Towards a new fiscal coordination

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In fiscal federalism, the states and municipalities agree to coordinate with the Federation in terms of income and spending. The details of their relationship were established in the Fiscal Coordination Law, where the states have ceded certain tax powers to the Federation in exchange for receiving a share of the resources collected by the latter. In 2022, this relationship will result in a transfer of 2.1 trillion pesos, known as federalized spending.

One of the responsibilities of the states is to attend to the needs of their population. To achieve this, they have the resources of federalized spending; In addition, they obtain resources from their local collection and from their organizations and companies. However, the first element is the most important for the states.

But, how many resources do the states really have to meet the requirements of their population? To answer this question, we use the fiscal space per capita, that is, the resources available to address the situation per person. It is obtained by subtracting from income the expenses that must necessarily be made by the states, such as: payroll payments, debt services, transfers to municipalities and pension payments.

Once the fiscal space is obtained, the spending priorities of the states must be analyzed. This depends directly on the population and economic structure of the states, but, in general, the states spend more on education, security, infrastructure, health and pensions; limiting their spending capacity for other items such as housing, agricultural development, science and technology, among others.

However, even in the areas with the highest spending, not all needs are met. The covid-19 pandemic had serious effects on educational coverage in the states; and put the spotlight on the conditions of the state health systems that cover people without social security.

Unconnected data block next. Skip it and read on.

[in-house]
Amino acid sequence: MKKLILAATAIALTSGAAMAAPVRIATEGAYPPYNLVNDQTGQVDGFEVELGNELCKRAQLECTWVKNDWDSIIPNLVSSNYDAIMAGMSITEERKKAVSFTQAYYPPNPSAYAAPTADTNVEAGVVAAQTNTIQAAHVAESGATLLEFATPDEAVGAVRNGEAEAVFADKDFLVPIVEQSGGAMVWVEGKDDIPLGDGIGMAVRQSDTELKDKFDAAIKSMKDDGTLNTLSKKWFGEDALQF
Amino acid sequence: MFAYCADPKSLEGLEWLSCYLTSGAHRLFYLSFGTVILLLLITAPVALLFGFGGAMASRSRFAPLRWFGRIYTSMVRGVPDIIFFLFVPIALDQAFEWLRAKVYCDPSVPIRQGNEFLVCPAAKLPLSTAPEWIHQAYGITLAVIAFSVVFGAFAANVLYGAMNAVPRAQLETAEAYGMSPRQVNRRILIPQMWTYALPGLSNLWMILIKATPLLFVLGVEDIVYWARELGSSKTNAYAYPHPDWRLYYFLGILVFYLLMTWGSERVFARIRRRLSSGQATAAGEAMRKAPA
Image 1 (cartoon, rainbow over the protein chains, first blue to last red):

Even before the pandemic, starting in 2018 for example, states began to spend more on public security, but they have not been able to reduce their insecurity problems. On the other hand, spending on infrastructure in the entities, which is related to economic growth, depends directly on the resources sent by the Federation. And, regarding spending on pensions, the main problem is that it is unknown how much is allocated to this item at the local level.

Understanding these needs and on the way to a new fiscal coordination, the CIEP will present this June 22 a report containing information from the 32 states regarding their income, fiscal space and spending priorities (education, health, infrastructure, security and pensions, among other topics). We invite you to consult our findings and, above all, to promote sustainable public finances capable of facing the economic and population challenges of the future.

*Alberto Perez Pacheco


Currently teaching at the School of Government and Public Transformation of the Tecnológico de Monterrey. She is an economist from the National Autonomous University of Mexico (UNAM) with studies at the Paris Institute of Political Studies (SciencesPo). In addition to public finance, he is interested in aging and migration, disciplines that he deepens in the Initiative for Economic and Demographic Transition (ITED). He currently collaborates in the CIEP as coordinator of local public finances. He works for the strengthening of subnational governments.